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White Sox History: Past Rookie of the Year winners

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4 Jul 1995: Shortstop Ozzie Guillen of the Chicago White Sox swings at the ball during a game against the New York Yankees at Comiskey Park in Chicago, Illinois. The Yankees won the game 4-1.
4 Jul 1995: Shortstop Ozzie Guillen of the Chicago White Sox swings at the ball during a game against the New York Yankees at Comiskey Park in Chicago, Illinois. The Yankees won the game 4-1. /
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CHICAGO – SEPTEMBER 1993: A general view of the field and scoreboard at Comiskey Park circa September 1993 in Chicago, Illinois. (Photo by Jonathan Daniel/Getty Images) /

The next Rookie of the Year winner might not be a household name with modern White Sox fans, but he should be.

In 1963, Gary Peters was the best rookie player in the AL and he just happened to be an outstanding starting pitcher. He finished his rookie season with an ERA of 2.33 in 41 games and 30 starts.

Pitchers were completely different animals in the 1960s. And, Peters shows why. Before his rookie season in 1963, he had four cups of coffee with the Sox, pitching in 21 innings between 1959 and 1962. Then, in his rookie season, he threw 243 innings. It’s rare to see today’s pitchers not named Max Scherzer, Chris Sale, Clayton Kershaw, or Justin Verlander reach 200 innings. And, rookie pitchers never throw anything near 200 innings. Michael Fulmer, the most recent ROY pitcher, only threw 159 innings in 2016. I 2013, Jose Fernandez threw 172.2 innings in his rookie season.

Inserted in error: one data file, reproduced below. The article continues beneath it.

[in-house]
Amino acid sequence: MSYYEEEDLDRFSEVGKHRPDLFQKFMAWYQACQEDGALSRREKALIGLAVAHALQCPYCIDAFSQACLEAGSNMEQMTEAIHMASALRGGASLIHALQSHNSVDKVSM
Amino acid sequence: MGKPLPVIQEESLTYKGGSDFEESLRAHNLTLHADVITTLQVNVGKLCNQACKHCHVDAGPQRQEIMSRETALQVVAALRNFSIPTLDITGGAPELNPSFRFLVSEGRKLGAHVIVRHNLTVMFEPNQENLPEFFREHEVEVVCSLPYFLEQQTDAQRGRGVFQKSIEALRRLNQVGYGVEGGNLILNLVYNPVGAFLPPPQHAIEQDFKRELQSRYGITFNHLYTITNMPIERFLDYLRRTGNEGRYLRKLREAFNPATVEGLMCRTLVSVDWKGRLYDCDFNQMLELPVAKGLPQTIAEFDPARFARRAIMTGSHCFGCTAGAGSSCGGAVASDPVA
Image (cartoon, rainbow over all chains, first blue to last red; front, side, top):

Throughout his career, Peters did not earn many other awards. But, the ones he did win were notable. He won the ERA title twice – in 1963 and in 1966 with an ERA of 1.98. Along with those two ERA titles, he was also named the All-Star team in 1964 and 1967. Remember, he was a contemporary of remarkable pitchers like Bob Gibson (who had an ERA title in 1968 with a 1.12) and Sandy Koufax who had ERA titles in 1962-1966 – his best was 1.73 in ’66.

He never won a Cy Young Award, but he finished in the top 10 in MVP votes in three of his seasons. Peter’s career ERA in 14 seasons was 3.25. He played 11 years in Chicago and three with the White Sox.

Interestingly, Peters biggest competition for the ROY award was his teammate, Pete Ward who received 30% of the votes. Peters won 50% of the votes. Jimmie Hall of the Twins received the remaining 20%.

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